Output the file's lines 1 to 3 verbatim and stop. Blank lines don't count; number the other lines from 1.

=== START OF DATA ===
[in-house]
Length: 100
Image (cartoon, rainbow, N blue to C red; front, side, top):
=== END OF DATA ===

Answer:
[in-house]
Length: 100
Image (cartoon, rainbow, N blue to C red; front, side, top):